It takes us less than an hour to reach the base of the falls — or at least as close as we were willing to get. The snow and slippery rocks prevent us from going any further. But we aren’t one bit disappointed — we stop at the perfect observation spot where the magnitude of the waterfall pairs with the reflection of sunbeams and voilà, a perfect rainbow, in better resolution than any Bíó Paradís screen could ever offer, appears in front of our eyes.
We instantly regret not bringing a disposable grill, or any picnic food, but decide not to worry too much. We lay on soft moss that feels almost like jumping into a bed full of plush cushions and listen to the silence: snow-capped mountains, rolling hills, the distant hum of wildlife and sun kisses on our cheeks. How little do the city kids need?!
With energy to spare, we continue our journey further into the Þjórsárdalur Valley, named after Iceland’s longest river Þjórsá. The place is supposed to look like it’s been ripped straight out of a fairytale. You know, like a movie scene where you’re driving down winding roads and are greeted by the sight of lush green hills and cascading waterfalls.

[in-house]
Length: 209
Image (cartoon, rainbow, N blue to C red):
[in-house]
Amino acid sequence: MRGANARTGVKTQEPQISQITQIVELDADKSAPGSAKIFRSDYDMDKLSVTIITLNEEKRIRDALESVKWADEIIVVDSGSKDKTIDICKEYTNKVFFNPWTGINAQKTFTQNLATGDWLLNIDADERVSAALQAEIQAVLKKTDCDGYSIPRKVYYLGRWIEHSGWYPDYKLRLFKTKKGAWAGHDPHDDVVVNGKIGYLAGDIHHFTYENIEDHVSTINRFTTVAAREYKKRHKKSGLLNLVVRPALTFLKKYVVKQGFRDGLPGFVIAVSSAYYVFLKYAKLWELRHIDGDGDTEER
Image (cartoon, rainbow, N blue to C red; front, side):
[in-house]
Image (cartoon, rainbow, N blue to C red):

However, as we make our way through the valley, we notice that the scenery isn’t quite as magical as we were led to believe. The once-beautiful trees are now withered, and the branches are bare. But we’re still mesmerised by our surroundings and, as we make the turn onto the dirt road, our car begins to bounce around like a wild animal. This isn’t a well-maintained route — in fact, we soon discovered the road had recently been closed for weeks due to the severe weather conditions. Finally, our car comes to a halt in the middle of nowhere, leaving us stranded in an empty parking lot with no phone coverage. Despite the sense of isolation, we can’t help but feel a little uplifted when we notice a heart drawn in the gravel by previous visitors as a sign of hope.
The next turn had more beautiful surprises in store for us. Despite not being surrounded by a lush abundance of greenery, we were greeted by waterfalls hiding behind tall rocks and cliffs — all that was missing was a melodic tune.